The article evaluates the Domain Postulate of the Classical Model of Science and the related Aristotelian prohibition rule on kind-crossing as interpretative tools in the history of the development of mathematics into a general science of quantities. Special reference is made to Proclus’ commentary to Euclid’s first book of Elements , to the sixteenth century translations of Euclid’s work into Latin and to the works of Stevin, Wallis, Viète and Descartes. The prohibition rule on kind-crossing formulated by Aristotle in Posterior (...)
    Remove from this list   Direct download (7 more)  
     
    Export citation  
     
    Bookmark   9 citations  
  19. Amazing Traces of a Babylonian Origin in Greek Mathematics. [REVIEW]Sabetai Unguru - 2008 - Isis 99:821-822.
  20. The Shaping of Deduction in Greek Mathematics: A Study in Cognitive History; The Mathematics of Plato’s Academy: A New Reconstruction. [REVIEW]J. Bergen - 2003 - Isis 94:134-136.
  21. Pappus Of Alexandria And The Mathematics Of Late Antiquity. [REVIEW]Ali Behboud - 2002 - Isis 93:102-103.
    Greek mathematics is usually seen as having reached its height in a “golden age” around 300 b.c., after which it declined, reaching a rather sad stage in late antiquity. In this latter period Pappus of Alexandria stands out as one of the last competent mathematicians, although even his Mathematical Collection has been valued by historians mainly for its wealth of information on earlier mathematical achievements. In her readable book, Serafina Cuomo sets out to correct the conventional view of mathematics in (...)
    Remove from this list   Direct download  
     
    Export citation  
     
    Bookmark  
  22. Existence, substantiality, and counterfactuality Observations on the status of mathematics according to Aristotle, Euclid, and others.Jens Høyrup - 2002 - Centaurus 44 (1-2):1-31.
  23. The Ancient Tradition of Geometric Problems by Wilbur Richard Knorr; Textual Studies in Ancient and Medieval Geometry by Wilbur Richard Knorr. [REVIEW]Thomas Drucker - 1991 - Isis 82:718-720.
  24. Pythagoras Revived: Mathematics and Philosophy in Late Antiquity by Dominic J. O'Meara. [REVIEW]Alexander Jones - 1991 - Isis 82:364-365.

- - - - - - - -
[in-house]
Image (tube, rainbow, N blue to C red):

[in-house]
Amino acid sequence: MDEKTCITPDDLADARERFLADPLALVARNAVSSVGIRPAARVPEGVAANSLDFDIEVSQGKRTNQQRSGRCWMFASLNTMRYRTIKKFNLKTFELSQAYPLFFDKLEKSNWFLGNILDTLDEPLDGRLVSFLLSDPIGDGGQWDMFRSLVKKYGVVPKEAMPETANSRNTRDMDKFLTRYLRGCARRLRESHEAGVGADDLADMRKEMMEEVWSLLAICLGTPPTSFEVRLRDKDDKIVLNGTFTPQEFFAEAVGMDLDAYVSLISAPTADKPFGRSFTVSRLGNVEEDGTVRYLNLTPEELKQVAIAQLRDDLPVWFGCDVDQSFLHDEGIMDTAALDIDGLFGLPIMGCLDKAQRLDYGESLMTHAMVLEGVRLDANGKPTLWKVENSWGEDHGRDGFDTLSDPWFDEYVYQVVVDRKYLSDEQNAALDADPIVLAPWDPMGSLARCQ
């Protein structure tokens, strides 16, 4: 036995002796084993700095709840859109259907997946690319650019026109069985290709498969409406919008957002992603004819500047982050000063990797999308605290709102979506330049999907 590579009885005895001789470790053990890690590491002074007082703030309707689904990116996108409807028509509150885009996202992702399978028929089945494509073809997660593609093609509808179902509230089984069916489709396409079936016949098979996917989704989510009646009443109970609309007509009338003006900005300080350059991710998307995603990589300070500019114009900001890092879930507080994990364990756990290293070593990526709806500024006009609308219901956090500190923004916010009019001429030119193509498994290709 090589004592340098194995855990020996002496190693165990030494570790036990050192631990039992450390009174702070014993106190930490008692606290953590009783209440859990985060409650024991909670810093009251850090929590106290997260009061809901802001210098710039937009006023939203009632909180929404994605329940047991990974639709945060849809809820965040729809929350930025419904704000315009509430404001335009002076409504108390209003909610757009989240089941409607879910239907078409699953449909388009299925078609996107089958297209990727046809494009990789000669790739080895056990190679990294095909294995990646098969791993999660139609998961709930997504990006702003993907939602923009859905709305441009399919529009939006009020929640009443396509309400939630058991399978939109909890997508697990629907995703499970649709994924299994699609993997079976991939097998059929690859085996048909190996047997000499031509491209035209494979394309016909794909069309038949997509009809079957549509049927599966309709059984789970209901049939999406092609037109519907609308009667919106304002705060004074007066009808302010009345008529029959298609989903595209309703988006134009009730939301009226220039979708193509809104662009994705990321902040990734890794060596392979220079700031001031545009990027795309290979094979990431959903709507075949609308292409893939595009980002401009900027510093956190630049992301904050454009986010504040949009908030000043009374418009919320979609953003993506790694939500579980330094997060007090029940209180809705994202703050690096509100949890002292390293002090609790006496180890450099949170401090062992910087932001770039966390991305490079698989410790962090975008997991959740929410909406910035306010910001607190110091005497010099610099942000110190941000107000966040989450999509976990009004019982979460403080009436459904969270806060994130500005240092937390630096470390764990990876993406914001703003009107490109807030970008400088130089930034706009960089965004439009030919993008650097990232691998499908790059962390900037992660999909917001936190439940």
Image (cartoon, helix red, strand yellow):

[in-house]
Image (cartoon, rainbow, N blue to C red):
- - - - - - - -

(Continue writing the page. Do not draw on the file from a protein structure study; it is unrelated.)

25. War, Mathematics, and Art in Ancient Greece.John Onians - 1989 - History of the Human Sciences 2 (1):39-62.
  26. L'architecture Du Divin: Mathematique Et Philosophie Chez Plotin Et Proclus By Annick Charles-saget. [REVIEW]Ian Mueller - 1984 - Isis 75:415-415.
  27. Intelligible Matter and Geometry in Aristotle.Joe F. Jones Iii - 1983 - Apeiron 17 (2):94 - 102.
  28. The Geometry of Burning-Mirrors in Antiquity.Wilbur Knorr - 1983 - Isis 74:53-73.
  29. Philosophy of Mathematics and Deductive Structure in Euclid's Elements by Ian Mueller. [REVIEW]Erwin Neuenschwander - 1983 - Isis 74:124-126.
  30. Archimedes on the Dimensions of the Cosmos.Catherine Osborne - 1983 - Isis 74 (2):234-242.
  31. Aristotle’s Philosophy of Mathematics.Jonathan Lear - 1982 - Philosophical Review 91 (2):161-192.
    Whether aristotle wrote a work on mathematics as he did on physics is not known, and sources differ. this book attempts to present the main features of aristotle's philosophy of mathematics. methodologically, the presentation is based on aristotle's "posterior analytics", which discusses the nature of scientific knowledge and procedure. concerning aristotle's views on mathematics in particular, they are presented with the support of numerous references to his extant works. his criticism of his predecessors is added at the end.
    Remove from this list   Direct download (7 more)  
     
    Export citation  
     
    Bookmark   52 citations